Buying into the concept

Wanting to be part of the self-build hotspot that is Graven Hill, Dheeraj and Taniya Malik found a building system that they liked so much, they set up a business based around it

TEXT Jess Unwin IMAGES Jess Unwin & Dan Abrams

Dheeraj Malik could be speaking for all self-builders when he explains why he and wife Taniya decided to take on the challenge of creating their new home from scratch: “We wanted to build a house that we could customise to suit our lifestyle, rather than settle for someone else’s idea of how a house should be and make our lives fit around that.”

Like so many before them, the couple were brave enough to take on and overcome the challenge of self-building with no previous experience – and now they and their two children are enjoying the rewards of living in a stunning three-storey, five-bedroom detached home in Oxfordshire.

To help them achieve their dream, they joined the growing number of people who have been drawn to the unique self-build experiment that is Graven Hill, near the town of Bicester.

The project began when Cherwell District Council bought 188 hectares of land from the Ministry of Defence with the aim of creating the UK’s first self-built and custom-built town. Up to 1,900 new homes will spring up there over the next 10 years, surrounded by open, green spaces including woodland, allotments and a network of cycle and footpaths.

So bold is the idea that the very first Graven Hill plots to be developed starred last year in a Channel 4 TV show (Grand Designs: The Street), fronted by Kevin McCloud. The Maliks had already decided in the summer of 2017 – long before that show hit the small screen – that they wanted to be part of the Graven Hill experiment. Dheeraj says: “We were living in Slough in a townhouse, but we wanted a home where we could easily entertain family and friends. We’d always wanted to self-build but to have what we wanted – open-plan space, high ceilings and a little more countryside on our doorstep – we knew we needed to get ‘more bang for our buck’ in the housing market. That’s part of the reason for moving along the M40 and further away from London. Graven Hill seemed a golden opportunity.”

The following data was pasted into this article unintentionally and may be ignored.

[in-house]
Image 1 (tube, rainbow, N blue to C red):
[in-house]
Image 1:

Another key driver was the so-called ‘plot passport’ system that’s operated by Graven Hill Village Development Company Limited (owned by Cherwell District Council). In short, self-builders can design the home they want and get planning permission within just 28 days – so long as they abide by some agreed parameters for the plot they choose. This includes the total size of the plot, maximum gross internal area (or floorspace), maximum building height, a palette of building materials and how main services are provided.

Dheeraj says: “The beauty is there’s very little design restriction. There are some checks and balances – you still want a residential housing feel rather than something that looks like a Disney theme park – but otherwise the house can be any style or shape.”

The Maliks took a plot with a gross internal area of 291 m2 and a build volume of 400 m2. The maximum height allowed was 11.1 metres, but at its highest point the building is actually 10 metres tall. From the external materials palette for their street, the Maliks chose a mix of white render and a strikingly attractive manufactured stone veneer imported from California – a concrete mixture cast in flexible moulds and hand-coloured with iron oxide pigments.

Where the roof is pitched, they opted for Brazilian slate tiles and a reinforced elastomeric polymer-bitumen waterproofing membrane where it is flat. Double glazing features throughout with a thermal efficiency value of 0.9U, exceeding the minimum standard set in the Maliks’ ‘plot passport.’

Dheeraj wouldn’t reveal how much he paid for the plot except to say it was a “competitive” price, but adds that another attractive part of the deal was the ‘golden brick’ approach offered regarding the foundations. “Foundations can be a nightmare because you don’t know what you’re going to find until you dig. But the Graven Hill team will assess ground conditions and give you a fixed fee for the foundation work, regardless of what they might later find. After all, it is a former MOD site!”

The design of the house itself is mostly all Dheeraj’s own work. His job in the financial services sector doesn’t seem to be ideal preparation for such a challenge, but, he reveals, “Before I came to the UK I did start my working life as a graphic designer back in India, so maybe this house has been a way for me to channel my creative side.”

He continues: “I made a 3D polystyrene model of how I wanted the house to be designed. Of course, I didn’t know anything about making it structurally sound – I went to the professionals about that – but the finished house looks exactly the same as that model.”